[On the anniversary of 9/11, I wrote the following meditation…It’s a little strange, but the times were still rather strange.  I tried to get it printed in a paper or something, but that never happened.  I recently found it when I was transferring my archives to a new computer, and not a moment too soon, what with the 6 year anniversary bearing down on us.  –HJ]

A brief note.

I spent most of September 11, 2002 at home.  I was tempted to watch the coverage of the 9/11 anniversary memorials airing on all the local networks, but when I did, I heard nothing new.  Only more of what we have heard every day for the past year.  I did not want to another high dose of it, especially after the week of reminders leading up to the first anniversary.

On the one-month anniversary of the attacks, the sense shared by everyone I talked to about it was how rapidly the last month had passed, which I now take to mean how vivid and raw the shock of it all remained.  Now, one year on, I find myself wondering where the year went, and I still have not managed to comprehend what happened.  I know I can’t and likely won’t.  This is not because I feel distanced from the day, but because of my proximity to it.  The day looms so large it is as if I am standing at the foot of a skyscraper and staring straight up, so close to the wall that I cannot grasp the building’s size and measure myself against it.  I only sense that it is incomprehensibly large and beside it I am insignificant.  I feel as if I am standing in a shallow crater on the moon, trying to gauge distances: Is that a rock at the lip of the crater, or is it the tip of a mountain 500 miles away?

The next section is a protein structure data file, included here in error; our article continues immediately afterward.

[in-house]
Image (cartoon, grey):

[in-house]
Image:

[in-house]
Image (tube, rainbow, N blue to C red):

No other event in American history has been so singularly violent, so unanticipated, so unforeseeable, so devastating, or so widely witnessed as last year’s terrorist attacks.  Not even the attack on Pearl Harbor, which drew America into history’s bloodiest global conflict; most Americans’ response to reports that the Pacific fleet had been attacked at Pearl Harbor was “Where’s Pearl Harbor?”  On December 7th, 1942, one year after the attack on Pearl Harbor, Americans knew exactly who they were at war with because the enemy’s planes were plainly marked and their governments had openly declared war against us.  They knew exactly which pieces of property the enemy occupied and would have to be pushed off of.  They knew exactly who to shoot by the color of enemy uniforms.  And, lastly, they knew exactly how the war would end if we won-signed agreements of unconditional surrender from the Axis governments.

No such war could be more dissimilar from the one that we currently find ourselves waging.  Every American knows where New York is and who works at the Pentagon.  The planes that attacked us were marked “American” and “United”.  No government has declared war against us.  We do not know where our enemy is.  They don’t wear uniforms.  How will we know we won’t be attacked again?  In WWII, the end was always in sight.  The war in Europe would end when the Allies took Berlin, and the Pacific conflict would end in Tokyo.  Nobody knew how long it would take the Allies to reach these cities, but Americans always knew exactly how far they had to go in order to end the war, and this knowledge allowed them to measure their progress toward unconditional surrender.

Our objective in this war cannot be found on a map; “homeland security” is a far less tangible goal than “Berlin” or “Tokyo”-it is one we can only know when we haven’t reached it.  Homeland security is a destination that we can see poking above the horizon as we stand in the pit at Ground Zero, but we have no idea of how long it will take us to reach it or what we’ll find when we get there, whether we will have a rock at our feet or stare up from the foot of an impossibly high mountain.  Perhaps both.  I don’t think anyone alive today will ever be able to comprehend what happened on 9/11, only that we must pursue an inscrutable point on the horizon.  I find it unlikely, however, that time will begin again until we can see that we are making progress.  It has been September 11, 2001 for a year now.  How long until the 12th?

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